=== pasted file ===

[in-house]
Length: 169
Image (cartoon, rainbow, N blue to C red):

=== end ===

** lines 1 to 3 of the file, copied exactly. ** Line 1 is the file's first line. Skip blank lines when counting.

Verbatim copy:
[in-house]
Length: 169
Image (cartoon, rainbow, N blue to C red):